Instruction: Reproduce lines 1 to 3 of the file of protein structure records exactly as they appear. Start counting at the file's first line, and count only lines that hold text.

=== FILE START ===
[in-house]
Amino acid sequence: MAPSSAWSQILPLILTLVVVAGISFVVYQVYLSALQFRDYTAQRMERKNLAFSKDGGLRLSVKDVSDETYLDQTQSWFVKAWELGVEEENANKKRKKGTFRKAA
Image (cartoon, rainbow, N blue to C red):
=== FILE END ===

[in-house]
Amino acid sequence: MAPSSAWSQILPLILTLVVVAGISFVVYQVYLSALQFRDYTAQRMERKNLAFSKDGGLRLSVKDVSDETYLDQTQSWFVKAWELGVEEENANKKRKKGTFRKAA
Image (cartoon, rainbow, N blue to C red):